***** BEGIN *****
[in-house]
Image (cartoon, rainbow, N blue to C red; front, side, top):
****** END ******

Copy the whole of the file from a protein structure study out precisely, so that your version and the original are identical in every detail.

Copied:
[in-house]
Image (cartoon, rainbow, N blue to C red; front, side, top):